Day 6 of a South African holiday- the birds of the Darling farmlands
Having survived the previous days encounter with a Puff Adder on the Cape Point we set off early the next morning heading north from Cape Town, on the main N27 west coast road – destination the West Coast National Reserve and Langebaan Lagoon.
Letters on map represent approximate locations of wildlife sites
A – Holiday accommodation
B – Kirstenbosch National Botanical Gardens
C – Strandfontein
D – Paarl Bird Sanctuary
E – Paarl Mountain Reserve
F – Cape Of Good Hope
G – Cape Point
H – Darling Farmlands
I – Langebaan Lagoon
J – Boulder’s Beach
K – Rooi Els
L – Simon’s Town
More Cape birds
Summary of holiday and travel experiences
On the way we made a short detour across the Darling farmlands. It was notably hotter here than on the coast with the fields looking parched. Even birds such as a Fiscal Shrike looked to be struggling in the heat. At first sight the fields looked pretty baron but with patient scanning revealed plenty of bird life. Consequently the ‘little’ detour took us over two hours!
Spot the Blue Cranes
Many of the farmland birds were disappointingly distant. Several Blue Crane and two Southern Black Korhaan were feeding in far away stubble fields. During our two week stay we didn’t manage to get good views of Blue Crane, which was a regret as they are South Africa’s national bird. On all accounts we would have seen plenty if we had travelled away from the West Coast to the Overberg region in the east. Anyway, we did see some – check above left image! The endemic Cape Orange Throated Longclaws were also frustratingly too far away to really appreciate their dramatic yellow and orange plumage.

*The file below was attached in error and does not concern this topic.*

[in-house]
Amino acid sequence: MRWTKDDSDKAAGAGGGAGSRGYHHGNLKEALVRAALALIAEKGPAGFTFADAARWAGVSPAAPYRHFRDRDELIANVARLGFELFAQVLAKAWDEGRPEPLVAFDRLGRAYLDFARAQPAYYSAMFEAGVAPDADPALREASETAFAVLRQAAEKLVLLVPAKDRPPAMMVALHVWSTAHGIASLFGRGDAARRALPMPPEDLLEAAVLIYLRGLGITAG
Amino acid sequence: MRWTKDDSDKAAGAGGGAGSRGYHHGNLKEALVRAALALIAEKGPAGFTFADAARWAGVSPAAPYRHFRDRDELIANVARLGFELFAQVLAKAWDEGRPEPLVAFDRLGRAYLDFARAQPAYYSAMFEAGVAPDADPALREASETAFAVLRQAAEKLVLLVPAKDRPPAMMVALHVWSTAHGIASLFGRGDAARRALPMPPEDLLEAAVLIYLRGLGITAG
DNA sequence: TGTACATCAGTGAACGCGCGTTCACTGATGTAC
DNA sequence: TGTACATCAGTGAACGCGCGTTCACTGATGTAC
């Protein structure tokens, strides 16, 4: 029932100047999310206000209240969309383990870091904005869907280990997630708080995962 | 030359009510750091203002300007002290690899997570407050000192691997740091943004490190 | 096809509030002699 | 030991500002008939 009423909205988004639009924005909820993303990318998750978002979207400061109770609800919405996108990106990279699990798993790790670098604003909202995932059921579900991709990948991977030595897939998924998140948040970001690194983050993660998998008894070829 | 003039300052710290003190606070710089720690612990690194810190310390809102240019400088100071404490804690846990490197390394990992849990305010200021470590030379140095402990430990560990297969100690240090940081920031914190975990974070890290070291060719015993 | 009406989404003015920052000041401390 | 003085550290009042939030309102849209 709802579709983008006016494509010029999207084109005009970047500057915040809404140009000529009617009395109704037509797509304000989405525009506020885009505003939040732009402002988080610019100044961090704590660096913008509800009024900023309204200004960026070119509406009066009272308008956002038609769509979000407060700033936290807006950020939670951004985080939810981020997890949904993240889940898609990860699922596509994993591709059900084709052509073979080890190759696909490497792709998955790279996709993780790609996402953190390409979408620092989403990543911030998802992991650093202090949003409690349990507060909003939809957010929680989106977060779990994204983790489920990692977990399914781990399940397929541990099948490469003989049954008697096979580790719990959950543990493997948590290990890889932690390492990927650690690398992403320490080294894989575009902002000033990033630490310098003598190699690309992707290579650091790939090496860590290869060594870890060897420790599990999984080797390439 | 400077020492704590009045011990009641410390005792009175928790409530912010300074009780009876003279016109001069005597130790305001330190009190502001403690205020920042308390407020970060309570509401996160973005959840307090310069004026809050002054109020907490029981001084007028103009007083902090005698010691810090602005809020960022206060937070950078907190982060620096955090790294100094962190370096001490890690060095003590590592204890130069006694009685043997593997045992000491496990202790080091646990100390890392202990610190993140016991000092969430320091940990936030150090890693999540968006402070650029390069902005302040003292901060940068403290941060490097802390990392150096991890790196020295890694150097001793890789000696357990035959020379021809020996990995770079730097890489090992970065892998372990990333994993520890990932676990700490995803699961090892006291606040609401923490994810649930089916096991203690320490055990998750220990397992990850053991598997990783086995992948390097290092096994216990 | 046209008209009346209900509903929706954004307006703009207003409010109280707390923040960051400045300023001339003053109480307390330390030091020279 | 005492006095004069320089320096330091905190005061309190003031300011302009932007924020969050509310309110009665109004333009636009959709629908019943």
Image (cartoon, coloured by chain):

Amongst the bushes lining the road we saw Mousebirds with their long tail feathers. Deciding which were Speckled and which were White-backed wasn’t always easy but we left satisfied we’d had both species. Our first African Hoopoe was photographed through the passenger window as we passed it perched on a fence.
Kites and Martial Eagle
One of the highlights of this little detour over open farmland were the amount of raptors either sitting on posts beside the road or in flight. The most common being Steppe Buzzard and Yellow-billed Kite, but we also saw Lanner Falcon, Rock Kestrel, Black-shouldered Kite, Jackal Buzzard and a very dark species of Eagle. The pick was an unexpected fly over by an immature Martial Eagle. While several others went unidentified.
Cape Weaver Bird Colony
We passed one copse of trees dripping with weaver birds nests. And sitting it out in full sun were two Spotted Eagle-Owls.
It seemed rather strange to pass two Spotted-eagle Owls sitting on a branch in full sunshine close to the road. The bushes held a few Cape Sparrow and we passed beneath an African stonechat sitting on some overhead wires. I tried in vain to photograph a Chestnut Vented Tit Babbler – smashing name that – sounds unapologetically filthy. Spurring me on to grab a photo it skulking in the bushes was the outrageously infantile thought of being able to recite its name while doing a slide show.
Darling Wildflower Reserve
We stopped off for a few minutes at the Tienie Versfeld Wildflower fields. Being the wrong time of year we hadn’t any real expectations of seeing the riot of colourful flowers they are renown for. So it came as no surprise when we were confronted with uninspiring brown fields. A Spring visit would have seen a stunning multi coloured sea of wild flowers.
Darling Farmlands recommendation
Without delivering anything too sensational it was a well worth detour. The raptors being the highlight and just the sight, however distant, of Blue Cranes was reward enough. During our stay we weren’t to travel often into open farmland and so this gave us a chance to see different habitat and species that we would otherwise have missed. As ever, with more time, we would have been certain to have seen more species in this open countryside.
Day 6 continued
And so on to one of the greatest birding sites in the West Coast National Park – Langebaan Lagoon